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From: Beman Dawes (bdawes_at_[hidden])
Date: 2001-08-07 16:37:31

At 01:42 PM 8/7/2001, John Max Skaller wrote:

>Beman Dawes wrote:
>> At 06:07 PM 8/5/2001, John Max Skaller wrote:
>> >Question: does anyone share stack data between threads?
>> >
>> >Reason for asking:
>> >
>> > 1) Bemans model tries to ban this
>> > 2) I objected
>> >
>> My original formulation was confusing because it didn't clearly
>> between stack data accessed directly by within its thread (not shared)
>> stack data access from another thread via pointer or reference
> OK.
>> >but it occurs to me that on a multi-processor, the constraint
>> >would allow CPU local memory to be used for the stack, which
>> >could be a significant optimisation.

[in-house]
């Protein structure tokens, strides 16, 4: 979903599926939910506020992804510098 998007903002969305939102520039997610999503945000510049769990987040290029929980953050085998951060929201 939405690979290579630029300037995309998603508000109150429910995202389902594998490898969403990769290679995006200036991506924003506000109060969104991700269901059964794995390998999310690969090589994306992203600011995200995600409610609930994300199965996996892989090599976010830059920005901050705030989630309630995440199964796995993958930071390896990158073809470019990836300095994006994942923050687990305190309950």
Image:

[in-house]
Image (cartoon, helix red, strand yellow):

>> Since that would disallow inter-thread pointers or references to stack
>> objects, I don't think it would allow a conforming thread
> According to your (reformulated) rules.
>The question is: is the local (unsharable) stack a viable
>and if so, can we ban sharing stack data to allow that implementation
>without impacting programmers?
> Shared memory is expensive, local memory is cheap.
>If threads can run with the stack on 'on board' memory which is on a
>high speed per CPU bus from main memory, they might run considerably
>faster: such memory can be cached without being flushed, since only
>one CPU can access it.
> Sounds like a question for embedded programming people.

Yes. But for Boost.Threads, we want to stick closely to the thread
execution model we think is already supported by virtually all current UNIX
and Windows compilers. We aren't trying to break new ground here. So the
memory rules for what functions in different threads can access have to
stay as close as possible to the current rules for what separate functions
in the same thread can access.


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